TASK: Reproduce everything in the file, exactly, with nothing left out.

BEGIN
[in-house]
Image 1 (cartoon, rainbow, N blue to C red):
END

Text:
[in-house]
Image 1 (cartoon, rainbow, N blue to C red):